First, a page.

Environmental Impacts and Matinecock Court Development
The proposed Matinecock Court development will generate 155 multi-family housing units on a 14.5 acre parcel in East Northport that is currently undeveloped open space. This development equates to approximately 10.6 units per acre. The Town of Huntington Planning Board issued a Positive Declaration back in 1995 for the proposed development. When a planning board issues such declaration it automatically triggers the necessity of preparing an Environmental Impact Statement as per New York State SEQRA law otherwise known as the (State Environmental Quality Review Act). In basic terms, the SEQRA process requires the Applicant, in this case Housing Help, Inc, to explore all potential adverse environmental impacts and mitigating measures, if any, to offset such impacts.
This process typically follows a basic format to include a scoping process, the preparation of a Draft Environmental Impact Statement, the preparation of a Final Environmental Impact Statement, and ultimately a Findings Statement. The scoping process is essentially a blueprint of what the Environmental Impact Statement should cover in terms of possible environmental issues at the specific location. Scoping includes public commentary which provides the stakeholders a voice as to what should be covered in the evaluation process. This evaluation process is then laid out in the form of an (EIS) Environmental Impact Statement whereby all topics described in the scoping process are studied and evaluated. Environmental Impacts are identified and mitigating measures as well as potential alternatives are discussed. The process is then finalized with a document known as a findings statement. In the case of Matinecock Court, the findings statement was formally adopted by the Town of Huntington Planning Board on October 10, 2007.
The findings statement of the proposed Matinecock Court exposes many adverse impacts to the environment. Impacts to land, plants and animals will be prevalent as the vast majority of vegetation will be removed and wildlife will be displaced. This includes the rat population which will likely disperse these species into the surrounding residential area. Impacts on traffic and transportation will also be likely as a result of the project. Most adversely affected will be Pulaski Road and Elwood Road, both of which border the parcel. This will occur through increased vehicular traffic along the aforementioned corridors. Contaminated soils are of concern regarding this site. According to the EIS such contaminants on the site include Arsenic, DDT, Copper, Chromium, Lead and Nickel. These contaminants were detected in soils on the site. Additional impacts to surface water quality will be expected as stormwater run-off impacts are increased as impervious areas are created as a result of the development. Impervious areas refer to surfaces that don’t allow drainage into the soils. Examples include streets and driveways.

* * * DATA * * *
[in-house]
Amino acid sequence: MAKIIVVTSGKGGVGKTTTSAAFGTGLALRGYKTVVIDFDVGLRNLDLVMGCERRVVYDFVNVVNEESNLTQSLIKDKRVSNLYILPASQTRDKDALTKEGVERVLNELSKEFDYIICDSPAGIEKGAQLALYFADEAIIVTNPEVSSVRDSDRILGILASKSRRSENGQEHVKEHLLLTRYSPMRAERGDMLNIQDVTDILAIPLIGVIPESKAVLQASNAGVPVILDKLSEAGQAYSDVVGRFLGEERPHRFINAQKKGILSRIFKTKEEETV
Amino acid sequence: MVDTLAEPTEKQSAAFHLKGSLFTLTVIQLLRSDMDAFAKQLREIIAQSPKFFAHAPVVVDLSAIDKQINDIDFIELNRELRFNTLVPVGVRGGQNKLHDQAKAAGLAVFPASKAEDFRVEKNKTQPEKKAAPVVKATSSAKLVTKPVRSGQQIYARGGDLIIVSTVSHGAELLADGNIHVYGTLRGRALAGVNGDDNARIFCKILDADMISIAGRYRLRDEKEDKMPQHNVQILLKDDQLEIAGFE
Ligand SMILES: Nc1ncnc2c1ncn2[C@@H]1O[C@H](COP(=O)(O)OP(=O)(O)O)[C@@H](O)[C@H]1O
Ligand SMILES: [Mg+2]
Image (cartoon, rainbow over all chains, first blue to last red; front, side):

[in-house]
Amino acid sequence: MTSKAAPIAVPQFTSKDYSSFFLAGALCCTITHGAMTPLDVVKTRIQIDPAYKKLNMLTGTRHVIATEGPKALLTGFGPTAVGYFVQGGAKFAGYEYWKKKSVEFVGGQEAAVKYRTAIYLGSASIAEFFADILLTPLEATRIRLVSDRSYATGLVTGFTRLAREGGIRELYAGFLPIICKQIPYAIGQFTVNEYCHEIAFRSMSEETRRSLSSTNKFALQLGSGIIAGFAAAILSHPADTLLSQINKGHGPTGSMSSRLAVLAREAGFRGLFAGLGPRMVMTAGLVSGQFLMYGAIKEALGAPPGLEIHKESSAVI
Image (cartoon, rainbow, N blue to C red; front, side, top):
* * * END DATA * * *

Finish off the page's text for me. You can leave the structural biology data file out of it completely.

The major environmental concern at this point relates to the proposed on site sewage treatment facility. This facility is currently being reviewed by the Suffolk County Department of Health Services(SCDOHS). The plant requires a variance from (SCDOHS) because the location of the plant is less then 150′ feet from various existing facilities including the Long Island Rail Road, a LIPA substation and the Northport High School Field. Present law states that the plant would need to be greater than 150′ feet from such facilities, therefore the necessity for such a variance.
An on-site treatment facility was chosen because this area is presently not on a sewer system. Both the Northport and Huntington sewer districts are too far away to connect to and would result in a financial burden to the project as costly force mains would be required for such a connection. Hooking up to other smaller facilities were considered, including the Veterans Hospital plant and Paumanack Village. The Paumanack Village facility does not have enough capacity to accept the proposed 37,500 gallons per day of sewage Matinecock is expected to produce and the Northport Veterans Hospital is too far away, which would not be economically viable.
Some legitimate concerns that could emanate from an on-site treatment facility include odor/noise impacts within the surrounding community, potential groundwater contamination, as well as the costly component of preventative maintenance required at such facilities. Other treatment plants have tried to deal with odor control without a great deal of success. Additionally in case of a catastrophic failure at the plant, such as a fire, chemical spills, and sewage overflows, an emergency action plan needs to be in place to deal with such an emergency. This is a particular concern because of the close proximity to a public school, utility and transportation systems. Waste water treatment plants typically store chemicals that are hazardous.
Residents may send letters and comments to the Suffolk County Department of Health Services regarding this proposed variance decision up until November 28th, 2011. A final decision regarding this variance change could take months. The Huntingtonian will continue to monitor this situation as additional information unfolds.